No gaffers. No grips. No problem. What was originally conceived as a test by Frank Content owner and executive producer Danielle Kappy and director Craig Brownrigg to determine what could be achieved during a production shutdown has blossomed into a full-blown ad campaign for Distantly.ca, a new online platform created to help businesses during the COVID crisis.
Shot using scripts developed with Juliet Creative, the three ads—”Dog Groomer,” “Home Reno” and “Wax”— feature homebound Torontonians attempting to perform tasks best left to the professionals at the city’s more than 40,000 small businesses.
The ads, which went from conception to completion in about three weeks, were all shot while adhering to the rules governing non-essential businesses during the current lockdown. They’re proof of what can be accomplished through a combination of sharp writing, a little bit of technology and technical know-how, and a smattering of ingenuity.
“Advertisers want to share their message and have felt handcuffed by the restrictions,” says Kappy. “This shows that there’s an opportunity to execute and present ideas in ways they didn’t think they could.”
While Brownrigg and Kappy had developed preliminary scenarios and rough scripts for the ads, it wasn’t until Juliet came on-board that they were fully fleshed out, says Kappy. “We had scenarios, but we’re not a creative agency,” says Kappy.
“When Danielle first brought us the idea, we immediately loved it,” says Laurent Abesdris, partner, creative director at Juliet. “The scenarios were funny, and we thought the campaign had the potential to make an impact. Being a small business ourselves, we jumped on the opportunity.”
Each of the resulting ads is comedic in nature, featuring people in self-isolation fumbling their way through tasks that are almost certainly best left to the professionals. Each spot finishes with the tag “Save it for a small business,” and directs viewers to Distantly.ca.
Created by the City of Toronto, Distantly.ca is an online platform that enables Torontonians to provide financial support to local businesses that are closed because of the current health crisis.
It was developed in partnership with the Toronto Association of Business Improvement Areas (TABIA), which works with the city’s 83 different BIAs, and Digital Main St., a City and TABIA program created to help brick-and-mortar businesses establish an online presence.
TABIA’s executive director John Kiru says the spots are in keeping with the organization’s fondness for quirky advertising. That’s perhaps most evident in “Wax,” which features a man attempting to give his significant other a Brazilian wax, with predictably disastrous results.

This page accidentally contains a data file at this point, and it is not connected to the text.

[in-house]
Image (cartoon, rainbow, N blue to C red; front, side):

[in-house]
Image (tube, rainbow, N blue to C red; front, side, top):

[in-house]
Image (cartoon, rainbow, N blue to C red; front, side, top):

“It’s a little bit edgy and interesting, but that’s nothing new for us,” says Kiru of the new campaign, which marks the organization’s first foray into video advertising.
A decade ago, TABIA blanketed the city with posters featuring double entendre headlines like “My neighbour says size matters” (for a tailor) and “My neighbour jerks my chicken” (for a Caribbean restaurant).
While some props—and in one case a tripod—were dropped off at actors’ homes prior to shooting, all of the ads were created using nothing more than an iPhone and an app called Filmic Pro, spruced up with some post-production work courtesy of School Editing and postRevolution.
The spots’ five actors were ACTRA members that Frank Content had worked with previously, recruited through Mann Casting owner Steven Mann. Adam Gaudreau is the actor in the “Home Reno” spot, while Rodrigo Fernandez-Stoll and comedic actress Gwynne Phillips appear in “Wax.” Alex Somerville, who was hired after a Zoom casting call, appears in “Dog Groomer.”
All of the shoots were completed in a day, following technical rehearsals during which Brownrigg and director of photography Brett Van Dyke remotely walked the actors through details such as their marks, lighting, where to best position the camera etc. “We relied quite heavily on the talent, and walked them through all of the steps,” says Kappy.
On shoot day, Brownrigg was connected to the actors via Zoom, providing direction between takes. “They’d set up the camera where Craig would say it’s supposed to be, roll a couple of takes, Craig would give direction, and we’d do it again,” says Kappy.
Where there might typically be anywhere from 40-45 people on set for spots of a similar nature, the ads were filmed by an actor’s significant other or, as in the case of the “Wax” spot, using an iPhone fixed in place.
“The reality is that there were a lot of things that the talent took on they wouldn’t ordinarily,” says Kappy. That included tasks such as hair and makeup, wardrobe, gripping, gaffing etc.
While Kappy says there are some “tells” that the spots are homemade, such as a reliance on natural light and a relative lack of camera moves, they are a reasonable facsimile of everyday ads.
“In the end, we managed to do two important things here, which I’m really proud of,” says Abesdris. “First, we created three spots that can make a difference for small businesses in Toronto. Second, I think we’ve proven that this production method is not just possible but viable, which opens the door for more productions just like it.”
Most importantly, says Kappy, the ads possess an element of fun missing from so much advertising right now. “There’s nothing wrong with happy [and] kind messages, but people also want to laugh,” she says.
Her message, then, to brands that might be looking to break out of a creative rut but aren’t quite sure how to go about it: Do try this at home.